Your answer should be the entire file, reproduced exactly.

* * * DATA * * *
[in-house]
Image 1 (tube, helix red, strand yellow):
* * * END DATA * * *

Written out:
[in-house]
Image 1 (tube, helix red, strand yellow):